Credit Report – Take Control Of Your Credit By Understanding Your Credit Report
Whether you are concerned about identity theft or interest rates, the first way to educate yourself for your future is by reading your own credit report.
To find information about you, many companies and individuals access a copy of your credit report and credit score to determine whether your financial history proves that you are eligible for any number of things-refinancing a mortgage, buying a new car, applying for a student loan, accepting a better-paying job-all of life's very basic situations may be profoundly affected by your credit rating.
Obtaining a copy of your credit report is the first step in gaining control over how your credit will affect your life. In the past, everyone had to pay for a copy of her or his own credit report. Recent amendments to the Fair Credit Reporting Act, the FCRA, have now made it possible for every citizen to have a copy of her or his credit report sent free of charge every twelve months. This amendment goes into full effect September 1, 2005, but may be in affect in your state even earlier.
It is important to read and understand the information in your credit report, so that you know how it can affect you, and also so that you can keep track of changes and protect yourself against identity theft and fraud. Included in your report will be any history of criminal charges, bankruptcy, financial difficulty, and employment, as well as a record of whether or not you pay your bills on time, and what kind of relationship you have with lending and credit companies.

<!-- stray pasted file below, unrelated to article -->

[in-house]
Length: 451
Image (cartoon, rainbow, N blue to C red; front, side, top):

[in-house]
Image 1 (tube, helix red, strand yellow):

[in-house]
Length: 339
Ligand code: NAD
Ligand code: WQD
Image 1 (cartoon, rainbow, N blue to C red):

Reading and educating yourself on the importance of your credit report in numerous situations will help you understand how to improve it. Many people who apply for a home loan or even just to move into a new apartment do not realize how bad their credit is and are surprised to find out that many lifestyle choices have been closed to them until their credit improves. Obtaining a free copy of your credit report and familiarizing yourself with the information in it at least once a year will help you learn to maintain good credit. For example, using a credit card and paying your bills on time, maintaining utility accounts in your name, and avoiding debt consolidation are all simple ways to maintain good credit.
Another reason to study your credit report is to make sure that it is complete and accurate. If you realize that someone else has obtained credit cards and piled up debt in your name, or if your credit report is inaccurate in any way, you can report the misinformation and have the errors fixed to reflect your good credit.
Familiarizing yourself with your credit report is a key step to gain control of your future now.